BERLIN — German defense officials are scrambling to line up parliamentary approval for the next wave of research contracts in the tri-national Future Combat Air System program.

The next phase is slated to begin in January, but German officials said they are still working to finalize contracts with an industry consortium led by Airbus and Dassault. Given that the proposed deals will have to be cleared by the Defence and Budget committees of the Bundestag, that could make for some dicey timing.

“We’ll be cutting it close,” Col. Jörg Rauber, branch chief of the FCAS planning office at the Defence Ministry, told Defense News at the International Fighter Conference in Berlin on Tuesday. He said the plan is to submit the proposal to lawmakers for consideration shortly before Christmas.

Berlin owes €75 million (U.S. $83 million) for the upcoming studies, with the same amounts coming each from France and Spain. The €225 million total package is slated to fund work on the airframe and cockpit design of the next-generation fighter, which is the manned aircraft at the center of the futuristic program. Additional analyses are devoted to the aircraft’s engine, a communications architecture for connecting all elements of the program, very low observability, remote carriers and sensors.

Officials have pumped the brakes on two of the study areas for now — very low observability and sensors — pending the conclusion of a two-year joint concept study, signed in February 2019. That is because officials want to first see sensor integration efforts play out on a European level, and because there are differing opinions regarding the application of very low observability, or a high degree of stealth, in the program, Rauber said.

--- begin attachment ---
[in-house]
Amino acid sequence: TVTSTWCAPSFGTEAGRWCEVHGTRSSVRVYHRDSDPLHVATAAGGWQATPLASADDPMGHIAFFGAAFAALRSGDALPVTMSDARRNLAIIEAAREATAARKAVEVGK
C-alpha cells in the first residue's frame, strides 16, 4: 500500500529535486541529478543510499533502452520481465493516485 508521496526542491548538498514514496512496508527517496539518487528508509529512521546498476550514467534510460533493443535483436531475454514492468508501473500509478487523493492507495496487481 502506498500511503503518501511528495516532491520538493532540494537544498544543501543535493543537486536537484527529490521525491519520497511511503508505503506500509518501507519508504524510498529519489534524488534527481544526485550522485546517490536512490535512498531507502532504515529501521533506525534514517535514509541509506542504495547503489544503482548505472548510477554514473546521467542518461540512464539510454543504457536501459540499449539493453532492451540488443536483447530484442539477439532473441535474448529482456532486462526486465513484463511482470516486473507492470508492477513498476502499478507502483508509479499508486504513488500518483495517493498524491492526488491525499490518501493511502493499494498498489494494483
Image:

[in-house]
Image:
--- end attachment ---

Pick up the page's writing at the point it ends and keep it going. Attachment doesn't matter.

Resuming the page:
For example, it might be possible to focus stealth efforts on a particular type of remote carrier, or drone, rather than aiming to make the manned aircraft as stealthy as possible, he explained.

For the French, however, the stealth calculus entails the potential development of a separate, larger combat drone. If the FCAS main fighter is stealthy enough, Paris might forgo the development of such a platform, Maj. Gen. Jean-Pascal Breton, the program lead for the French Air Force, told reporters.

Awarding two research contracts at a later time, rather than along with the January 2020 batch, would still keep the schedule of producing a flyable demonstrator by 2026 on track, according to Rauber.

The FCAS weapon, envisioned as a collection of aircraft, drones, sensors, data links and a “combat cloud” tying it all together, is the designated replacement for Germany's Eurofighter and France's Rafale fleets. Slated to fly by 2040, officials at the conference here presented the image of a program that is just now starting to come together conceptually.

“It’s still, in a way, crystal ball-looking,” said Bruno Fichefeux, the program lead at Airbus.

French and German officials — there was no Spanish representative at the conference — stressed the need for connectivity between the different program elements. If connectivity can be engineered into the program to a sufficient degree, then that would somehow avoid having to fork the design early on to accommodate partner nations’ diverging requirements, the thinking goes.

For example, Breton and Rauber said the French requirement for carrier-based operations, which Germany does not need, can be managed under a common umbrella as long as key elements like propulsion and landing gear are designed to be interchangeable depending on the mission at hand.

According to Rauber, Germany isn’t altogether opposed to having carrier-capable versions of the future plane in its own ranks. Given the bilateral pledge to deepen military cooperation, there is a possibility that German planes could one day be stationed on French ships, he told Defense News.